The French digital painter Lostfish creates an uncomfortable yet irresistibly alluring landscape of feminine powers; her bashful, pink-cheeked subjects reign supreme, adorned in precious jewels and sparkling crowns. The artist’s characters are abuzz with their own fertility, as expressed by bouncing nude breasts and lush flowers that seem to spring up from underfoot; also pictured are rabbits and eggs, symbols art historically associated with breeding and copulation.
The artist, influenced in part by 19th century art, works within a Victorian sensibility, reveling in an innocent, doll-like vision of femininity; her subjects, pale skinned and with impossibly delicate figures, become queens, armed with crowns and tridents. Lostfish’s female characters also seem pious, divine even; a few wear dismembered hands as jewelry, reminiscent of religious icons like the hand of God or the hand of Fatima. White flowers with yellow centers, often symbolic of the Virgin Mary in Christian art, stand in the place of youthful, milky nipples.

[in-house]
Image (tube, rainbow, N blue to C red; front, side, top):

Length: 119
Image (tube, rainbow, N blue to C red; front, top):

Yet within Lostfish’s ethereal and seductive images, there seems to linger an ominous supernatural strength within womankind. Where the Victorian woman is domestic and obedient, Lostfish’s heroines roam like wood nymphs, emboldened by their own reproductive powers; in one image depicting a human fetus within a pink oval, a foreboding reptilian creature seems to invade the womb, its grotesque navel in full view. In one painting, doll faces emerge in a group of six from blood red roses, reminiscent of biblical devil. These tempting, enchanting women dress in excess, giving themselves over to material pleasures. In Lostfish’s gorgeous imaginings the female is both delicate and demure, ravenous and dangerous. Take a look. (via HiFructose)